A voyage to Abyssinia (Salt) p335.png

and I cannot therefore help entertaining the hope, that some future discoveries in Abyssinia, or the countries adjacent, may give us the whole alphabet. and lead to a satisfactory confirmation of my conjecture.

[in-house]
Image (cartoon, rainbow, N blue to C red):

While engaged in the examination of the ruins, the priests and several of the principal inhabitants attended us, very civilly pointing out every thing worthy of notice, and assisting us in the removal of some large stones, for the purpose of promoting the objects we had in view. They related to us also, with apparent pleasure, all the traditional stories handed down from their ancestors connected with the place, which I shall comprise in a few words; "that the building we had admired was erected by an holy man, who came from Misr' a long time ago; but that the spot on which it stood, had for ages, before been regarded as sacred, owing to the ark of the covenant, which had been brought into Abyssinia by Menilek, having been kept there for a considerable time previous to its removal to Axum;" which story may probably deserve about the same degree of credit as the one recorded by Alvarez, "that Yeeha was the favourite residence of Queen Candace, when she honoured the country with her presence."[26] After having completed our observations, and given a trifling remuneration to the attendant priests, we returned back to the house of Konquass Aylo, where, at dinner, we were treated with a quantity of fine grapes, of a red species, without stones, and some new wine, in the making of which, the inhabitants of this part of the country are thought particularly to excel.